“The money is just not there”, is a passing comment from Sir Joe Bossano, in his GBC interview of Thursday, which sums up the dire public finance situation that the GSLP-Liberal Alliance Government is needing to deal with now. A reality which he insists that the public sector needs to bear in mind, as the private sector pays for the public sector whose workforce earns much more.

What Sir Joe cannot deny or ignore is that he has been part of the Government engaged In extravagances.


The situation that he describes is that company tax and import duties are greatly down, but income tax and other revenues are steady.

The result is that there is a projected deficit for the current year of £51 million, after cuts of £75 million have been found, without the cuts the estimated deficit would have been £121 million. Why that extravagance of £75 million that could be cut? How much has been wasted over the years?

He emphasises, however, that when the figures come in it may well be that added expense (subject to actual revenue) will need to be met and authorised by a Supplementary Appropriations Act. Interestingly he mentioned a figure of £40 million.


The result has been that in breach of the GSLP (his) golden rule that no money should be borrowed for recurrent expenditure, deficits are now being paid from borrowings.

How long that will go on for, he does not say, but there are some realities.

First it will take time for company profits to recover, and so for more company tax revenue to be received by the government.

Secondly, if companies are suffering there will be a drop in employees. He points to a reduction of over 1000 already. That being so income tax revenue, whilst still stable, will reduce, over the short term.

Thirdly, it will take time for traders to recover, imports to improve and so import duty revenue to recover to recent levels.


He emphasises that in the context that there are 34% more public employees, with a 72% increase in the cost of those employees. A reality that he puts down to above inflation pay increases for several years.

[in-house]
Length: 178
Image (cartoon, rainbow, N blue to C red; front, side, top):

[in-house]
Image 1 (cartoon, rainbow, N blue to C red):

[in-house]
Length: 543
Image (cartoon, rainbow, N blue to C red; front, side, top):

Those hikes have resulted in Gibraltar public employees receiving 40% higher salaries in Gibraltar than those in the UK.

Sir Joe put it clearly in terms that people in the public sector, who are much better off than those in the private sector, must accept that it is not the time for pay rises.


Sir Joe reiterates his socialist credentials by confirming that if there is less money, it is the less well-off and those at the “bottom” who must be protected and looked after. Few, if any will disagree with that.

He spells things out clearly saying, people must understand that if there is less money coming into Gibraltar, then the less well-off need to be protected. In times when there is not enough money to increase the better off (the public sector) it is the less well-off who need protection.

A clear warning to public sector workers to curtail expectations of future pay rises.


Sir Joe has accepted that the private sector, who earn less, cannot be taxed more to pay the public sector who earn much higher amounts.

The average public sector pay is £41,000 a year, compared with the private sector average of £26,000, yet the private sector income and company taxes maintain the public sector.

A further warning to the public sector to curtail expectations of future pay rises.


Sir Joe emphasised that people must understand the seriousness of the financial situation.

He said that it is the worst he has seen it in the 51 years he has been engaged in frontline politics.


Despite that he has promised that no public servant will be made redundant, but that before replacing those leaving serious consideration will be given to the need to replace.

He referred to the undertaking to maintain levels at numbers as in 2011, not that those will be increased.


Sir Joe insists on the need for a restructure of the economy. Sadly, that has been said frequently but no government has done it in the last 35 years.

He now suggests that it will need to be done in the four years that Frontex are engaged at our borders if an EU Gibexit deal is structured.

Interestingly, not one question or comment from Sir Joe as to what the options might be if there is no Gibexit deal, and so no four years. Is that indicative that a ‘deal’ is expected?

The idea is, during those four years, to reduce reliance on 15,000 cross-frontier workers by restructuring the economy from a low pay private sector to a private sector with fewer employees earning more. An ambitious project over four years, if ever there was one.

That said he maintains his position that if there is less, the lower paid must take more.


Sir Joe gives a lesson in ‘reality’. What needs to be seen is how we all react to that lesson. The first whose reaction will be clear is public sector workers. Their Unions are already seeking pay increases.

Aside from the realities that Sir Joe makes clear, will the private sector sit back and accept that illusionary world that public sector workers seem to live in? It is most unlikely.

Many people are waking up to what faces Gibraltar in the short term. Most do not like it.